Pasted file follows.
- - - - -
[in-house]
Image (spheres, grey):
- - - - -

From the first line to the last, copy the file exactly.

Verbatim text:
[in-house]
Image (spheres, grey):